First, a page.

Code no more: Jordanian platform debuts drag-and-drop builder for in-app ads
When Samer Tarazi and Omar Massad of RedTroops – an in-app advertising-focused startup that connects advertisers and app developers, and allows even the most novice of would-be advertisers to build rich-media ads – pitch their business to potential investors, they describe the current in-app advertising industry as a ‘black box’ that has little in the way of transparency or control for either advertisers or developers.
According to the RedTroops team, the current in-app advertising industry works as follows: Advertisers and developers alike must deal with ad networks, which serve as the media buyers for the industry and act as middlemen between the two sides. Advertisers pay ad networks to place ads on their behalf and entrust that the most is being done to maximize their return on investment. On the other side of the coin, developers receive a variety of advertisement formats, some of which may not be suitable for their particular app, and are often left in the dark about the specifics of their payout.
“For both ends it seems like it’s an inefficient, no-control, no-transparency process that is really lacking. And what we’re trying to do is remove that black box, remove that middle man, and create a direct connection between the app developer and the advertiser,” says Tarazi, CEO of RedTroops.
“Simply, the purpose of RedTroops is to make in-app advertising accessible to anyone around the world. We’re just trying to make it really simple and straightforward… I want a guy who’s selling falafel to create an ad for their shop,” he adds.
RedTroops, which is just beginning to unroll its product, is attempting to make in-app advertising less opaque and more accessible in a number of innovative ways.
RedTroops' user dashboard.
First, the team has significantly simplified the process of creating ads (and made it way cheaper) with its “drag and drop” ad builder, which allows advertisers to build a rich-media ad in just few minutes. Users simply drag components such as videos, 3D viewers, sliders, text, images, buttons, and forms into an ad structure, which is seamlessly formatted into an HTML ad, all without the need to code. All of the ad building and various analytics are free to use by both advertisers and developers.
The team displayed the builder to me by constructing a multi-component rich-media ad in a matter of minutes, and even as a non-techie, I’m confident that I could easily make an ad of my own.
Second, RedTroops has removed the need for the ad network middlemen by developing a space in which advertisers and developers can deal directly with each other, in what they’re calling the Marketplace. Here, app developers offer ad campaigns on their apps, i.e. x number of impressions on x number of apps for x dollars, which are either purchased or bid on by advertisers (this is why the team dubs RedTroops “the eBay of in-app advertising”).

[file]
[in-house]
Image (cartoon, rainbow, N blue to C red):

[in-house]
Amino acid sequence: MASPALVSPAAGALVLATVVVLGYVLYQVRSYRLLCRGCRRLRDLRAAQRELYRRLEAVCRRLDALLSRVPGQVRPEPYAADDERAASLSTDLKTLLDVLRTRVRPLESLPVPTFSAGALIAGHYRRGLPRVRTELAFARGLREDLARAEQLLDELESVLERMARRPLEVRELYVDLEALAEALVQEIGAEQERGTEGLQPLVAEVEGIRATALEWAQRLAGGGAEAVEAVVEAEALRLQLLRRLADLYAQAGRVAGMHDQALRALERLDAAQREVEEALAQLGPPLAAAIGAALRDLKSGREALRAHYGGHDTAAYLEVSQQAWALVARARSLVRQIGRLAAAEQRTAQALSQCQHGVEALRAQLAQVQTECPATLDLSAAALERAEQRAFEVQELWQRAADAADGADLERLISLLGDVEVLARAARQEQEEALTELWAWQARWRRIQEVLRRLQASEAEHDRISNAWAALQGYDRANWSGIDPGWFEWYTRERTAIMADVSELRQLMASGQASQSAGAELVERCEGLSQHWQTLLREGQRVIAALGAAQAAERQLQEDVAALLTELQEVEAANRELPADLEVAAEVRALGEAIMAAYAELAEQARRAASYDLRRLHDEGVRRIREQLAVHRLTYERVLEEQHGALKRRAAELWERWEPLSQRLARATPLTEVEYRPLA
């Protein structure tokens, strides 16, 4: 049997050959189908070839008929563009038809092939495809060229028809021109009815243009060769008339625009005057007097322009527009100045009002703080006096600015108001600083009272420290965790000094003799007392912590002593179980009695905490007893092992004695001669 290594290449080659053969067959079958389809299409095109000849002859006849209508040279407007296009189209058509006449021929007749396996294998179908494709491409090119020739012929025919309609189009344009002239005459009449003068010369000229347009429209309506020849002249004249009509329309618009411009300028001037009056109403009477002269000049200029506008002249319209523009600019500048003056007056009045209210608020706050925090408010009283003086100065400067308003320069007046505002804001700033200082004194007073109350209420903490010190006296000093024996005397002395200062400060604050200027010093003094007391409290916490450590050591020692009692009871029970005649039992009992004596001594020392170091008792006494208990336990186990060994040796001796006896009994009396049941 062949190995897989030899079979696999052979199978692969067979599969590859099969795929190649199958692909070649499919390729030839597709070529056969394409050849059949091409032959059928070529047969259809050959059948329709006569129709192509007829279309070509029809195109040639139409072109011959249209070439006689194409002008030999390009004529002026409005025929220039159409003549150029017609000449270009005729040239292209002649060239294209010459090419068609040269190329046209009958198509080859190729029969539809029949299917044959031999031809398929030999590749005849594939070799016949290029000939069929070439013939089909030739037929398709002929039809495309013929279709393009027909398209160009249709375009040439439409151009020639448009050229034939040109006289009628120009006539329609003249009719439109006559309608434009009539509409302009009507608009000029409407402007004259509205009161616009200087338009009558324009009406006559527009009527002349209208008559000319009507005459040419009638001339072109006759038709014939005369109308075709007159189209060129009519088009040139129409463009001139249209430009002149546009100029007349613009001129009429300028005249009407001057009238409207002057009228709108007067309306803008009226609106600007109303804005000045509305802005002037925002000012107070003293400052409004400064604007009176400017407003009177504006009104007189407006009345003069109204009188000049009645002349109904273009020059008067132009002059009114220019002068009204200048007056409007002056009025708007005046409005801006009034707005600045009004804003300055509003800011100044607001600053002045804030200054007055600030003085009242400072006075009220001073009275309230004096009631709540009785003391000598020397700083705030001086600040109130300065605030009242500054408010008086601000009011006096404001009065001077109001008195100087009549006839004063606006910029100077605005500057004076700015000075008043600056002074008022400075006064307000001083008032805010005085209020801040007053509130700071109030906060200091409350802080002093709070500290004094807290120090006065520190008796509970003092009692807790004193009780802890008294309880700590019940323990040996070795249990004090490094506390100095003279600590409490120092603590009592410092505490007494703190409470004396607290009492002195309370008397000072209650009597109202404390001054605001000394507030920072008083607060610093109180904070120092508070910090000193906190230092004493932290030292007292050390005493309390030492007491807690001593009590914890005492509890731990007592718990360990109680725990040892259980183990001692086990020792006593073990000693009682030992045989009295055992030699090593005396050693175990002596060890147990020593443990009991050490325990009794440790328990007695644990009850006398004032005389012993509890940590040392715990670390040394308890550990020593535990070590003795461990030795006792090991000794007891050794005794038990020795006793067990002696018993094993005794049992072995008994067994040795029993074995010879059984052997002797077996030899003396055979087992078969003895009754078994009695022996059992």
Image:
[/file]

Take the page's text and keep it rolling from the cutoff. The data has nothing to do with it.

Advertisers have the option of targeting their ads by filtering apps according to location of download, app category, weekly active users, and the current price of the ad space. Once a campaign is either purchased or won, RedTroops holds the advertiser’s money until the parameters of the campaign are met, and then releases it to the developer. RedTroops monetizes by taking a 15 percent commission on all Marketplace transactions.
Since the RedTroops team expects that the Marketplace will largely appeal to small- and medium-sized advertisers and developers, it also will offer its product in a “solutions-based approach” that will make RedTroops a self-service ad platform for larger, more established advertisers and developers. Advertisers will have their own fully branded stores where ads are created and subsequently approved by developers. This automated process eliminates the need for sales teams and ad networks for both parties. Currently, RedTroops is offering the solutions-based approach at a commission but plans to switch to a freemium licensing model in the near future.
RedTroops' drag and drop ad-building interface.
RedTroops was originally intended to be an app developer network that, in addition to having its own set of apps, would help small developers grow their apps and then leverage this growth into increased ad revenues. However, after spending three months at the Plug and Play Tech Center at the beginning of this year, Tarazi and Massad honed their idea to what it is today. They saw the great potential of in-app advertising, an industry that according to estimates (paywall) could grow to $17 billion USD by 2018, and made strides to develop a product that they believe is positioned to capitalize on this growth.
Investors seem to believe in RedTroops’ potential to capture a share of the in-app advertising market; the team recently closed a seed funding round of $100,000 USD from MENA Ventures Investments and a couple of individual investors plugged into Jordan’s tech industry, who are helping RedTroops connect with premium publishers in the region.
The team plans to begin a big round of fundraising during the first few months of next year, but for now Tarazi and Massad are focused on building their user base, adding new features, and gaining traction in the region. From there, they hope to expand into other markets, including the US.
Despite competition in the mobile ad-building industry from platforms such as Amobee and InMobi Studio, the RedTroops team believes that it has found a niche in which it can be successful.
“I think that everybody is fighting within the same set of space,” says Tarazi. “They’re going after mostly app developers wanting to spend money within other apps, they’re focusing 100 percent on that...so I think everyone is in a certain space, not paying attention to the extremes.”